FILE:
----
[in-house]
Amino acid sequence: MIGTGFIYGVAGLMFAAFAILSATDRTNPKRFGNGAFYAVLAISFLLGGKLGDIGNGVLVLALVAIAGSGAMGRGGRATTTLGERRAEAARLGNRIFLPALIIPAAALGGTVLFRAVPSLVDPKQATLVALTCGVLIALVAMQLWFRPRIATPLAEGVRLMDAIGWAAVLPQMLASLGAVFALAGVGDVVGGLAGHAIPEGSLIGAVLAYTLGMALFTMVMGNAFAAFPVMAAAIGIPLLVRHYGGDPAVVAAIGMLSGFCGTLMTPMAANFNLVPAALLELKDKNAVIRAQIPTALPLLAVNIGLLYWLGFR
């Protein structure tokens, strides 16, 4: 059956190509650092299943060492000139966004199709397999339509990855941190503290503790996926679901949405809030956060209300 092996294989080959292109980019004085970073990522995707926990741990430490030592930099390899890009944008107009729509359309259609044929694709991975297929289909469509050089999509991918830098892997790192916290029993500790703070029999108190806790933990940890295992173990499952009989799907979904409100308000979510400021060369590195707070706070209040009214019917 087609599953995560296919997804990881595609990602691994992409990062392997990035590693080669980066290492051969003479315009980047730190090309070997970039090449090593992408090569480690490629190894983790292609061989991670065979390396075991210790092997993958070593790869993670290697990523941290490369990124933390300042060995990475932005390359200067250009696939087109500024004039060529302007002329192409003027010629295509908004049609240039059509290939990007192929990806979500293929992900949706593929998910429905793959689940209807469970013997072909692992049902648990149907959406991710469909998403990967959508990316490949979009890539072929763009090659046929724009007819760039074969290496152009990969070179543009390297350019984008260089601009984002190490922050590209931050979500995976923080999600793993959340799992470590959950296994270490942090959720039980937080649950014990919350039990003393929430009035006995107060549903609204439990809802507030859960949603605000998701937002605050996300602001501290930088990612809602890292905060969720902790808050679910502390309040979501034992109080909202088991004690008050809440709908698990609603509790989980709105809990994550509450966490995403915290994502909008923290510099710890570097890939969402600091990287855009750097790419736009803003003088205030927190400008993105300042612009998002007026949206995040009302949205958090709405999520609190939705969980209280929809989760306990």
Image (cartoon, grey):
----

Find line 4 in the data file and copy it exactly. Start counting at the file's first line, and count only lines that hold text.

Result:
Image (cartoon, grey):